Corpora and Concordancers

Corpora and Concordancers

Charles Hall (The University of Memphis, USA)
DOI: 10.4018/978-1-61350-447-5.ch004
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Abstract

At the heart of almost all ANLP is the corpus. This chapter provides an overview of the history and development of the corpus and crucial criteria that define the modern corpus. It ends with a discussion of the most basic analytical tool for corpus linguistics, the concordancer.
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Background

In 2011 the Centre for English Corpus Linguistics (CECL) at the University of Louvain (Belgium), will celebrate its 20th anniversary and is among the oldest modern institutions dealing with corpus work. However, the history of corpus research and concordancers actually predates that center by almost 800 years.

One of the first research tools developed for corpus work was the written concordance. In contrast to an index that normally only lists important topics or names, a written concordance lists the location of every occurrence of every word in the corpus. The first concordance recorded was of the Vulgate Bible completed in the 13th century by Dominicans (www.catholic.org/encyclopedia/view.php?id=3229). Although their original purpose was not linguistic, Bible concordances were later essential in the 19th century efforts at authorship identification issues in Genesis, for example. Researchers were able to use lexical means to support the documentary hypothesis (Wellhausen, 1905) that there were several different writers for first books of Bible.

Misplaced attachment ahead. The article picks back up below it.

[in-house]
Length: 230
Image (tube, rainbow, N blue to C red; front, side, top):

In the 19th century, individuals would spend many years of their lives preparing written concordances of the works of individual authors, such as the complete concordance of Milton’s work by Cleveland (1867). These works could be used to investigate language patterns by other scholars; however, these printed concordances were both unwieldy and subject to human error in compilation. Indeed, these last two factors were crucial in limiting the use of corpus research. Before corpus linguistics could become widespread and accepted, two events were essential to the growth of contemporary corpus linguistics: the development of the computer and an awareness of the need for empirical data in language analysis.

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